Pay me in wine.
April 23, 2006 9:01 PM   Subscribe

Way for a student to save for college w/o being taxed?

I am going to be working for the next year or and not go to school at the same time. I would like to be able to save about half of my money for school. Is there a way to do it and not be taxed on it?
posted by the giant pill to Education (6 answers total) 1 user marked this as a favorite
posted by geoff. at 9:32 PM on April 23, 2006

Some more information - how old you are, where you go to college, how much money you paid in tuition in FY 2006 and are planning to pay in FY 2007 - would be helpful in answering this question, as would the amount of money you expect to make.

This site appears to have some decent information.
posted by ikkyu2 at 9:50 PM on April 23, 2006

Way to paint a broad brushstroke there, geoff.

If you are working during one academic year and going to school in the next academic year, then during a particular calendar year you will be both working *and* going to school. That means you can qualify each year for the $2000 lifetime education credit. Depending on how much you make, and depending on your other deductions and exemptions, this can work out to a significant fraction of your income being tax-free.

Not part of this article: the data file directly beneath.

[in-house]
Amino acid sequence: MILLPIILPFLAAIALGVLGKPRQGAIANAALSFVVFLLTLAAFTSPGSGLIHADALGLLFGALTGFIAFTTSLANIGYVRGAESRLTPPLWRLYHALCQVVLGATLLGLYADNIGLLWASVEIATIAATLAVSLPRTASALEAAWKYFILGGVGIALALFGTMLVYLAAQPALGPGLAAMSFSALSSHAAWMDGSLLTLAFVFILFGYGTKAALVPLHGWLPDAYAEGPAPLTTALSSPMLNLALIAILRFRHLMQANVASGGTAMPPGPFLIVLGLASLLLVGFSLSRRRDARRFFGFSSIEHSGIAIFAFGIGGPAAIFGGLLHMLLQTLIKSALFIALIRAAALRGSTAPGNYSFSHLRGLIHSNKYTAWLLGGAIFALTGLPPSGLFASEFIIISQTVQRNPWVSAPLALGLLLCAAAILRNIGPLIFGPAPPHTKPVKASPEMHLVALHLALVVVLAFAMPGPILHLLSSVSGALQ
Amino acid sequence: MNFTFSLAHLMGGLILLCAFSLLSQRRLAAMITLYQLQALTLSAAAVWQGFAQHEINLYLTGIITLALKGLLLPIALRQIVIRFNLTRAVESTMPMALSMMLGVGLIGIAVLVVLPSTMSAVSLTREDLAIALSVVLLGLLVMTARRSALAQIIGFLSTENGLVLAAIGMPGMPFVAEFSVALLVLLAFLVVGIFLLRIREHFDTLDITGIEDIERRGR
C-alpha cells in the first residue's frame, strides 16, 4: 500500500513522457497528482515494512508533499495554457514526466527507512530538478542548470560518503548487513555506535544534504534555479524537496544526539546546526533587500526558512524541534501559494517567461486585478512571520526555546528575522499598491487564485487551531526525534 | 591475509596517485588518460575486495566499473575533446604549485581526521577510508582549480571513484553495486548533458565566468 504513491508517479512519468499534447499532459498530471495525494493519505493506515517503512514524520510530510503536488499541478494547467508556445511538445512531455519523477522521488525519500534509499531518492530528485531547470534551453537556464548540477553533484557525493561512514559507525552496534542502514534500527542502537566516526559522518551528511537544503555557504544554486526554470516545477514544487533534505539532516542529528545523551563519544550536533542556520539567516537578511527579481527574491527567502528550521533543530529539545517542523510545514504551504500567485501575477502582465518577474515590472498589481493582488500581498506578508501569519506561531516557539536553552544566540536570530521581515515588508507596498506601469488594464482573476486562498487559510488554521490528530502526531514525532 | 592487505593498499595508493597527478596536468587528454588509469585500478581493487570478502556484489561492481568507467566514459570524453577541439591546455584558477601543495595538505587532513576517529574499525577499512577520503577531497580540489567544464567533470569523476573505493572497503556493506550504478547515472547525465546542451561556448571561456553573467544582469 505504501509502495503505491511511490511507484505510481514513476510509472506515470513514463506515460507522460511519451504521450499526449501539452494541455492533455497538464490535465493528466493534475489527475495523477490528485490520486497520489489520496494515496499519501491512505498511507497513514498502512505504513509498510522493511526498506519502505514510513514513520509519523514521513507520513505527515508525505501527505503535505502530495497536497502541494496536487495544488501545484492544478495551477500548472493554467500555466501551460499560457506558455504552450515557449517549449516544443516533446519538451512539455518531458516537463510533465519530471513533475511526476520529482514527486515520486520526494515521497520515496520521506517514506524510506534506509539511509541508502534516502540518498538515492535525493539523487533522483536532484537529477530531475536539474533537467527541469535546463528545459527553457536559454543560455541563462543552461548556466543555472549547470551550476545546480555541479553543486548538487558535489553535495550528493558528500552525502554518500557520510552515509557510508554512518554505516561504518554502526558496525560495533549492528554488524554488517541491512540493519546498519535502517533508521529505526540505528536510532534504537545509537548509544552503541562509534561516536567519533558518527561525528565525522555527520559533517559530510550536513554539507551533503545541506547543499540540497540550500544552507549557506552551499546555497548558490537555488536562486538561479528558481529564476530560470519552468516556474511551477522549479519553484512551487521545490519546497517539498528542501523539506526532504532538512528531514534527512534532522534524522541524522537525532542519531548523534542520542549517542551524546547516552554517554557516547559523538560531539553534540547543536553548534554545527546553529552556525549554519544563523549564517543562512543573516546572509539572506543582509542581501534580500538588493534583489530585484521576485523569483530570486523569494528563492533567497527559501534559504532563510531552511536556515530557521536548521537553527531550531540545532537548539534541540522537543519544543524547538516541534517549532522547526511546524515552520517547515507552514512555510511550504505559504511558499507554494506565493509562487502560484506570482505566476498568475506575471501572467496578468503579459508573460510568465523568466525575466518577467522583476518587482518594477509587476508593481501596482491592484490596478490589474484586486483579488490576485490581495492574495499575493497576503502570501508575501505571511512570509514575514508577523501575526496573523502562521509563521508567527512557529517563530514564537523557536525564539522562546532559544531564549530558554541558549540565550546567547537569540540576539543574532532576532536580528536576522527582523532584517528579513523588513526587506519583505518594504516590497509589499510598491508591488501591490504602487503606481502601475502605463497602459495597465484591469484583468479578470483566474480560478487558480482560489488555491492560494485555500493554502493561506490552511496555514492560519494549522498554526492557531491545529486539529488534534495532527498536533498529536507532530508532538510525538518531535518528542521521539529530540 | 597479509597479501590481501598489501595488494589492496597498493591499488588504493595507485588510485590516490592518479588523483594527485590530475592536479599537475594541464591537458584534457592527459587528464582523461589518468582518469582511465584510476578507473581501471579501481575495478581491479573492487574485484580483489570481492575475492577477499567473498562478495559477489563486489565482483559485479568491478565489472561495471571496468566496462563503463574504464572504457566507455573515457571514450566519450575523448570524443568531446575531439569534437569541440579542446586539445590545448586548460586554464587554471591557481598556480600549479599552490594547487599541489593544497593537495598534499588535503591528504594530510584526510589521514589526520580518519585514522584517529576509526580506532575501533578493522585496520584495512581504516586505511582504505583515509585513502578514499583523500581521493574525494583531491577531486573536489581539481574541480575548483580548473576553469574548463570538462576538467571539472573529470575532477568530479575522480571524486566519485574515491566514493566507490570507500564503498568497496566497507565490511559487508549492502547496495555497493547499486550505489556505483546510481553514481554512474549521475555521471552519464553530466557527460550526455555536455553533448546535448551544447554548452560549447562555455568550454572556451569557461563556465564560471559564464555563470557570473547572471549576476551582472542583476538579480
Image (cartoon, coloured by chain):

Also, student loan interest is fully deductible even if you take the standard deduction.
posted by Saucy Intruder at 9:50 PM on April 23, 2006

If you're under 18, you can establish a Coverdell ESA in your own name. Your contributions would be tax-free, and the money you withdrew would be tax-free as well so long as you used it for education. But you could only make contributions until you turned 18. (These accounts are really designed to let parents save money for their kids' education — hence the age limit — but there's no rule against putting money into your own ESA if you're young enough.)

If you're over 18, Saucy Intruder's got the right approach. There are big tax benefits if you earn money and pay tuition (or student loan interest) during a given tax year.
posted by nebulawindphone at 5:29 AM on April 24, 2006

Yes but you'd have to work and go to school, not within the poster's definition. He can't simply stash away money while working on the promise he'll use it for college.
posted by geoff. at 7:32 AM on April 24, 2006

I imagine you could contribute up to $4000 before taxes to a traditional IRA and withdraw it without penalty to pay qualified education expenses. It will be taxed when you withdraw. See IRS publication 590.
posted by dmo at 7:51 AM on April 25, 2006

« Older a place to call home   |   Perhaps a bit trivial. Newer »
This thread is closed to new comments.